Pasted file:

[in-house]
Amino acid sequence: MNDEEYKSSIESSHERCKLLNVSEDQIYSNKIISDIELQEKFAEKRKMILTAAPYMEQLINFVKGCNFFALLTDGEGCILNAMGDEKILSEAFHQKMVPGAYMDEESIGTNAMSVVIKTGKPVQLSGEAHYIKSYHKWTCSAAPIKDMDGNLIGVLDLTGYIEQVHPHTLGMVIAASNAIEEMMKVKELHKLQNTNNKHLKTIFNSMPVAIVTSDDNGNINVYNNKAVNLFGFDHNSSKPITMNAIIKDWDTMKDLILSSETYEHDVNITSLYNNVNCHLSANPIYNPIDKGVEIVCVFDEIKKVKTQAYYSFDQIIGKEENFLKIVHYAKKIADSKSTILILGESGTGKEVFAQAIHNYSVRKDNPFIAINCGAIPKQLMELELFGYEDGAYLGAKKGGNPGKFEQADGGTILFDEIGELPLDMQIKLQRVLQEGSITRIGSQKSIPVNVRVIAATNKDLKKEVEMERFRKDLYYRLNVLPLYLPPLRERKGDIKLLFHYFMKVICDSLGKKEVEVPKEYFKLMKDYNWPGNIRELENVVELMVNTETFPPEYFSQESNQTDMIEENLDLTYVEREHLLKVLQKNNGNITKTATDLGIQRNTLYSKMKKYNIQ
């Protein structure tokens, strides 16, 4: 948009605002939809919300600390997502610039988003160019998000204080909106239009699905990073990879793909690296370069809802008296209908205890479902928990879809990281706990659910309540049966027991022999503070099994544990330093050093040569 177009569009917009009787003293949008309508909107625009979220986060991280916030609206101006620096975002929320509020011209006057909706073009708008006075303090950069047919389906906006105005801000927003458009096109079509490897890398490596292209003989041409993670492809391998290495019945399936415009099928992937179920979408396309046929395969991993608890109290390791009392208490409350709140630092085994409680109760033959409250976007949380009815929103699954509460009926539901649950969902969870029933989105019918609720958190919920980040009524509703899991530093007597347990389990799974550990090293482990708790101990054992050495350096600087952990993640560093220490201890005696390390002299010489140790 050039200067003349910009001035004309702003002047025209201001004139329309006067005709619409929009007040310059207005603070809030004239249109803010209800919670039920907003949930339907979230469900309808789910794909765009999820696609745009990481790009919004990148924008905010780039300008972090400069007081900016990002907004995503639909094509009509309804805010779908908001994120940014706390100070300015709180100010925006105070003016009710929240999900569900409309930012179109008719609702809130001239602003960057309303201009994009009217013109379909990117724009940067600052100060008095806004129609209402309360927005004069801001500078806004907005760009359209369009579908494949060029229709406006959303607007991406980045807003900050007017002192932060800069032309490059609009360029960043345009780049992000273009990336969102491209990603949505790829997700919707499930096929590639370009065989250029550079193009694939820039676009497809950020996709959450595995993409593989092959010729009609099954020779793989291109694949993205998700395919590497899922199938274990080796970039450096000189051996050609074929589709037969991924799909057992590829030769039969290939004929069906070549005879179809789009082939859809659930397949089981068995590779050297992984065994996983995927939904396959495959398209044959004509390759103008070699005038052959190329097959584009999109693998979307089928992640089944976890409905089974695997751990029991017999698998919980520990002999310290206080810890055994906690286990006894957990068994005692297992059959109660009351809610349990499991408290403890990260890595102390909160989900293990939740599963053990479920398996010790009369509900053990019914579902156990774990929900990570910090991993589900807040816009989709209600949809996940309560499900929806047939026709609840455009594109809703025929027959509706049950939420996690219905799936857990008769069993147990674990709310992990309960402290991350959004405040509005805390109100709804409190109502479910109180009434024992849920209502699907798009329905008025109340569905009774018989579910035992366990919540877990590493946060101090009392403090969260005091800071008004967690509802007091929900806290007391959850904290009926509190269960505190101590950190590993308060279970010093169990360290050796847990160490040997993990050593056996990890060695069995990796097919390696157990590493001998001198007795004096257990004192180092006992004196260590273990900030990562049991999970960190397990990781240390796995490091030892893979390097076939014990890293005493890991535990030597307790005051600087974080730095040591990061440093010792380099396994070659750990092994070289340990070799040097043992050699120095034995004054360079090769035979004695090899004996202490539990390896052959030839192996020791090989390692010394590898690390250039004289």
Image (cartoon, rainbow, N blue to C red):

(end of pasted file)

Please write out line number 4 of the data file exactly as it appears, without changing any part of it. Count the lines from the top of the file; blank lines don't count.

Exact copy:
Image (cartoon, rainbow, N blue to C red):